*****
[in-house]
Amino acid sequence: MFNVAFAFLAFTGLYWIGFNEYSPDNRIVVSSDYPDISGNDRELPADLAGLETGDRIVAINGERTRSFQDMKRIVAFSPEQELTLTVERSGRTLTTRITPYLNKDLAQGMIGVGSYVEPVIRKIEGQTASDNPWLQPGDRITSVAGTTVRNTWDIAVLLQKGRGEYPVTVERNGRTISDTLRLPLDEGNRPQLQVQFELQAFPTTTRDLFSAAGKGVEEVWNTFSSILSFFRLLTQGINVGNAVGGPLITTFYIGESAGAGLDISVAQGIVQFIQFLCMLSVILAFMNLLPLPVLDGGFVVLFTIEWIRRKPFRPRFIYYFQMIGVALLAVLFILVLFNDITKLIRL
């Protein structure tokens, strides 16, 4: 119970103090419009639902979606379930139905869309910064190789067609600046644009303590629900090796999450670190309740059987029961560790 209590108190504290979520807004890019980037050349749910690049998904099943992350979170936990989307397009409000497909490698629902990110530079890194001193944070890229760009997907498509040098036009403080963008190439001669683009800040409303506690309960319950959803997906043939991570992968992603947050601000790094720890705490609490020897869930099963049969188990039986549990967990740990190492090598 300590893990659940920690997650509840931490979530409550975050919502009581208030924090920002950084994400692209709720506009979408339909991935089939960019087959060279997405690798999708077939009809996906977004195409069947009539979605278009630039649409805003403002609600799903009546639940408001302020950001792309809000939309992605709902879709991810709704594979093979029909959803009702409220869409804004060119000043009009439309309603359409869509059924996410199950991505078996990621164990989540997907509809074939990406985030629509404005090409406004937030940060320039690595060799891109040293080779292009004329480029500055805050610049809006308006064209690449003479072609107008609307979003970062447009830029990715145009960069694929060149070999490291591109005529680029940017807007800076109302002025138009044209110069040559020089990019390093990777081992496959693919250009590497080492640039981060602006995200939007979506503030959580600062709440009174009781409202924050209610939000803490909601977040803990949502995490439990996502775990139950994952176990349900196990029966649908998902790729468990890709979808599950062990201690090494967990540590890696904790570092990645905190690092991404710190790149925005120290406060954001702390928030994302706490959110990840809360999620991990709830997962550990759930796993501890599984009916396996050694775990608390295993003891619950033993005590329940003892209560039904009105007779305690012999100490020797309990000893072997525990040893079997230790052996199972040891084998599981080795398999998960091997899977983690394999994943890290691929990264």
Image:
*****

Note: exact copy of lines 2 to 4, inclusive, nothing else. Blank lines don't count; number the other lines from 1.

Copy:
Amino acid sequence: MFNVAFAFLAFTGLYWIGFNEYSPDNRIVVSSDYPDISGNDRELPADLAGLETGDRIVAINGERTRSFQDMKRIVAFSPEQELTLTVERSGRTLTTRITPYLNKDLAQGMIGVGSYVEPVIRKIEGQTASDNPWLQPGDRITSVAGTTVRNTWDIAVLLQKGRGEYPVTVERNGRTISDTLRLPLDEGNRPQLQVQFELQAFPTTTRDLFSAAGKGVEEVWNTFSSILSFFRLLTQGINVGNAVGGPLITTFYIGESAGAGLDISVAQGIVQFIQFLCMLSVILAFMNLLPLPVLDGGFVVLFTIEWIRRKPFRPRFIYYFQMIGVALLAVLFILVLFNDITKLIRL
């Protein structure tokens, strides 16, 4: 119970103090419009639902979606379930139905869309910064190789067609600046644009303590629900090796999450670190309740059987029961560790 209590108190504290979520807004890019980037050349749910690049998904099943992350979170936990989307397009409000497909490698629902990110530079890194001193944070890229760009997907498509040098036009403080963008190439001669683009800040409303506690309960319950959803997906043939991570992968992603947050601000790094720890705490609490020897869930099963049969188990039986549990967990740990190492090598 300590893990659940920690997650509840931490979530409550975050919502009581208030924090920002950084994400692209709720506009979408339909991935089939960019087959060279997405690798999708077939009809996906977004195409069947009539979605278009630039649409805003403002609600799903009546639940408001302020950001792309809000939309992605709902879709991810709704594979093979029909959803009702409220869409804004060119000043009009439309309603359409869509059924996410199950991505078996990621164990989540997907509809074939990406985030629509404005090409406004937030940060320039690595060799891109040293080779292009004329480029500055805050610049809006308006064209690449003479072609107008609307979003970062447009830029990715145009960069694929060149070999490291591109005529680029940017807007800076109302002025138009044209110069040559020089990019390093990777081992496959693919250009590497080492640039981060602006995200939007979506503030959580600062709440009174009781409202924050209610939000803490909601977040803990949502995490439990996502775990139950994952176990349900196990029966649908998902790729468990890709979808599950062990201690090494967990540590890696904790570092990645905190690092991404710190790149925005120290406060954001702390928030994302706490959110990840809360999620991990709830997962550990759930796993501890599984009916396996050694775990608390295993003891619950033993005590329940003892209560039904009105007779305690012999100490020797309990000893072997525990040893079997230790052996199972040891084998599981080795398999998960091997899977983690394999994943890290691929990264």
Image: